As part of cost-cutting measures a proposal has been put forward to close 16 libraries in Fife. Three of these I have used and one of them has a very good stock indeed.
I have mentioned before how many libraries are within a few miles of Son of the Rock Acres. Most of these serve distinct communities. Not all of them are under threat but I would be sad to see any of them go. However, two of them are the ones I use most often.
As a result of this proposal the good lady and I have recently been borrowing a few more books than we would have previously in order to boost “footfall”. This means the books already unread on our shelves will have to remain there for a while.
Apparently the plans have been halted temporarily to allow for “consultation” – as is mentioned in this article where there is also a link to a petition to keep the libraries open.
Val Doonican was always determinedly old-fashioned and was probably more famous for Irish novelty songs, wearing woolly jumpers and singing while reclining in a chair than for ruffling the charts but he had a good crooner’s voice and five top ten hits between 1964 and 1967.
Doonican’s biggest was What Would I Be – a no 2 – and his cover of Bob Lind’s Elusive Butterfly reached No 5 in the UK charts – as, curiously, did Lind’s own version.
Val Doonican: Elusive Butterfly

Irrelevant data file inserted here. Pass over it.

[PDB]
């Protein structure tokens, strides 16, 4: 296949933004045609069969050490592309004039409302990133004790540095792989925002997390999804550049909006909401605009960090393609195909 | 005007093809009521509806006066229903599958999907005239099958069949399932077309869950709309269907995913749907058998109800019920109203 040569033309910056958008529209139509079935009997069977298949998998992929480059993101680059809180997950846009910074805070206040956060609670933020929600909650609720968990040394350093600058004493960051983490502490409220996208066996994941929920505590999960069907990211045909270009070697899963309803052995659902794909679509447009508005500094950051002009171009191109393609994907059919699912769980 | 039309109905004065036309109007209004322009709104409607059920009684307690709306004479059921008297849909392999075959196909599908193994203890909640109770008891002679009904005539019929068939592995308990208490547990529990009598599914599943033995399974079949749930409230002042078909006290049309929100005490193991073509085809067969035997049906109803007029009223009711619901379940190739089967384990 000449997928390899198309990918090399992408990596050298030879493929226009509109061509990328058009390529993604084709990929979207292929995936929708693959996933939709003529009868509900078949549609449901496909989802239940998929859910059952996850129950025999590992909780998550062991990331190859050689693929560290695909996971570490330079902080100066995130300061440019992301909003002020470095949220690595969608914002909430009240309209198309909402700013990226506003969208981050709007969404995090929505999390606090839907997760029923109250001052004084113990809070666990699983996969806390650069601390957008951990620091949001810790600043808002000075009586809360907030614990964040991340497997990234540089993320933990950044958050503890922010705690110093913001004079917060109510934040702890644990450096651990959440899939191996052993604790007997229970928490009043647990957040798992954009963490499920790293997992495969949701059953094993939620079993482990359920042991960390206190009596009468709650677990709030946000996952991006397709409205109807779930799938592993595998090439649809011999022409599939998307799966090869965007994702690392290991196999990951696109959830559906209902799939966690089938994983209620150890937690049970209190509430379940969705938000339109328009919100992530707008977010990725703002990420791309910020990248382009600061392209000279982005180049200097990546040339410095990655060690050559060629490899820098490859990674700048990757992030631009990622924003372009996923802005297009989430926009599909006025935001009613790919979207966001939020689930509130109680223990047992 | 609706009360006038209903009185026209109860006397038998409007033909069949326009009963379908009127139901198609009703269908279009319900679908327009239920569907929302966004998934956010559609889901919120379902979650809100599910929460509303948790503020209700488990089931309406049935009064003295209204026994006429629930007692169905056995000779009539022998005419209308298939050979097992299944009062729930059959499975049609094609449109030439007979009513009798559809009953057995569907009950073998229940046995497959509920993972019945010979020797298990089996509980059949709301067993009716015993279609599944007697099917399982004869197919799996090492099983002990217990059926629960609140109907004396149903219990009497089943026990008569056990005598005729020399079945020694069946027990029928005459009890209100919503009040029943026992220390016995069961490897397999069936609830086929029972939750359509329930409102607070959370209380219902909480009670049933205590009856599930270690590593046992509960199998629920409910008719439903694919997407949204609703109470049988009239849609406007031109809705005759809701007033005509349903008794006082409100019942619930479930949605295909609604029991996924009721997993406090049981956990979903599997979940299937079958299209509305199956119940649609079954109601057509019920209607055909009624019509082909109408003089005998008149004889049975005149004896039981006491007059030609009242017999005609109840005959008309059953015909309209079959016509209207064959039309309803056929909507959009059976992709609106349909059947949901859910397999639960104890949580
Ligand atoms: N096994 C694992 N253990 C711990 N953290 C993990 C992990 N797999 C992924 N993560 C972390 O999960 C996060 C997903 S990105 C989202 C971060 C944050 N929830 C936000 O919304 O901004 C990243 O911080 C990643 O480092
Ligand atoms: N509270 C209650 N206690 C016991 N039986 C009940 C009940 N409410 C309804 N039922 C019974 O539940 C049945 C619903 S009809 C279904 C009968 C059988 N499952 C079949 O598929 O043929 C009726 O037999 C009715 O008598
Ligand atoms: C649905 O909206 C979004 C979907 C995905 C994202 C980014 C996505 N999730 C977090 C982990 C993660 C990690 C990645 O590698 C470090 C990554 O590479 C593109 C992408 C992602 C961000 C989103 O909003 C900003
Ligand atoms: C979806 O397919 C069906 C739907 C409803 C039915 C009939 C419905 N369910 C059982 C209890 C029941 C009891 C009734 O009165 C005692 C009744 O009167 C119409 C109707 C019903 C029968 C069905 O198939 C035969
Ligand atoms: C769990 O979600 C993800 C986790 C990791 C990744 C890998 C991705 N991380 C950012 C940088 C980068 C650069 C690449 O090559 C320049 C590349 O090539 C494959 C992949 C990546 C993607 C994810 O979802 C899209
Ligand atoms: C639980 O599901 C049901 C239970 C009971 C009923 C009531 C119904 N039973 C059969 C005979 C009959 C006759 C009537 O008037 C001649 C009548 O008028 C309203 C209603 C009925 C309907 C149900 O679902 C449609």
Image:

Michael Valentine “Val” Doonican: 3/2/1927 – 1/7/2015. So it goes.
Despite her prolificity, I don’t recall reading much of her work (SF, Fantasy and Horror in the main) but her name was familiar to me. I may have noticed at the time that she wrote two episodes of Blake’s 7 but it wasn’t something I had at my front of my mind.
She was notable as being the first woman to win the British Fantasy Award for best novel (for her book Death’s Master.)
The last time I saw him on television – on This Week the week Nicola Sturgeon became First Minister – he seemed in fine health.
I have since read elsewhere that he didn’t look well during the General Election campaign. The death of his father only a few weeks before followed by his defeat at the polls after 32 years as an MP can only have added to his burdens even if he took it well at the time with his joke about “the night of the long sgian dubhs.”
Since his first election (for the SDP) he always came across as likeable – an almost priceless asset in a politician – even decent. The revelations about his alcohol problem didn’t puncture the sense of warmth people felt for him.
He was a man whose instincts seemed to be right. This was exemplified by his opposition to the Iraq War.
Public life in Scotland and the UK is diminished by his passing.
Charles Peter Kennedy: 25/11/1959 – 1/6/2015. So it goes.
I just read yesterday that 60s almost one-hit wonder, Twinkle, has passed away.
Her big hit Terry caused a fuss at the time it was released as it was about a boy who died in a motorbike crash. Coincidentally The Shangri-Las’ similarly themed Leader of the Pack came out at much the same time. I do remember my next to oldest brother buying Terry. He had a thing for records by solo female singers.
Another of Twinkle’s claims to fame is that she eventually married the Milk Tray man.
Here are both sides of the Terry single.
Twinkle: Terry (plus The Boy of my Dreams)